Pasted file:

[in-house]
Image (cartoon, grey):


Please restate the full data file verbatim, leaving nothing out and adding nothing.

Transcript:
[in-house]
Image (cartoon, grey):